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PROPERTY OF AN IMPORTANT AMERICAN COLLECTOR

Louis Majorelle
"MAGNOLIA" THREE-LIGHT TABLE LAMP
Estimation
120 000180 000
Lot. Vendu 146,500 USD (Prix d’adjudication avec commission acheteur)
ACCÉDER AU LOT
70

PROPERTY OF AN IMPORTANT AMERICAN COLLECTOR

Louis Majorelle
"MAGNOLIA" THREE-LIGHT TABLE LAMP
Estimation
120 000180 000
Lot. Vendu 146,500 USD (Prix d’adjudication avec commission acheteur)
ACCÉDER AU LOT

Details & Cataloguing

Important 20th Century Design

|
New York

Louis Majorelle
"MAGNOLIA" THREE-LIGHT TABLE LAMP
one shade engraved DAUM/NANCY and with the Croix de Lorraine
gilt bronze and wheel-carved glass
31 3/8 in. (79.6 cm) high
circa 1903
in collaboration with Auguste and Antonin Daum
Lire le rapport d'état Lire le rapport d'état

Provenance

Private Collection of Lillian Nassau, New York
Acquired from the above by the present owner, 2003

Bibliographie

Chantal Bizot and Edith Mannoni, Mobilier 1900-1925, Paris, 1977, p. 27
Alastair Duncan, Art Nouveau and Art Deco Lighting, New York, 1978,  xvi
Wolf Uecker, Lampen und Leuchter:  Art Nouveau, Art Déco, Herrsching am Ammersee, Germany, 1978, p. 129
Noël Daum, Daum: Maîtres Verriers, Lausanne, 1980, p. 142
Roselyne Bouvier, Majorelle:  Une Aventure Moderne, Paris, 1991, front cover and p. 189
Christian Debize, Émile Gallé & l'École de Nancy, Metz, 1998, pp. 74-75 (for the model shown in a period catalogue and for example of the "Magnolia" table lamp in the collection of Musée de l'École de Nancy)
Alastair Duncan, Louis Majorelle: Master of Art Nouveau Design, London, 1991, pl. 132 (for a related example in patinated bronze) and  pp. 149, 168-169, 173, and 214 (for the model shown in a period catalogue and other period photographs)
Paul Greenhalgh, ed., Art Nouveau: 1890-1914, London, 2000, p. 61
Roselyne Bouvier et al., Musée de l'École de Nancy, Paris, 2001, p. 51

Description

Louis Majorelle, a leading member of the École de Nancy and proponent of the Art Nouveau style, forged an important collaboration in the early 1890s with Daum glassworks to produce lighting fixtures after botanical motifs. This commercial venture, which ultimately spanned the course of three decades, resulted in some of the most spectacular and iconic expressions of the Art Nouveau style. The inspiration for Majorelle's lamps designs came from numerous indigenous plants. The bases, composed of bronze or wrought-iron, were naturalistically sculpted in the form of slender stems or branches to support a variety of floriform glass shades. Electric wires were conspicuously concealed within the hollow-cast bases to avoid any interruption with the naturalistic designs.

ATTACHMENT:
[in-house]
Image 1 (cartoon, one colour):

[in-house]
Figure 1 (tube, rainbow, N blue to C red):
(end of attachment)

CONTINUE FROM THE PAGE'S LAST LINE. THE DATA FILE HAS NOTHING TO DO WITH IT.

An illustration in the firm's sales catalogue promotes electric table lamps fitted with different floriform glass shades supplied by Daum, including a water lily, dandelion, pitcher plant and magnolia. Majorelle exhibited these lamps as both individual statements alongside furniture at the salons, and as integral elements within room ensembles unified by botanical themes. The "magnolia" lamp presently offered is today celebrated as one of the top icons of the Art Nouveau movement and one of Majorelle's most successful lighting designs. The impressive model was designed for the Exposition de l'École de Nancy in 1903, and appears in numerous interiors featured in the firm's sales catalogues.

Important 20th Century Design

|
New York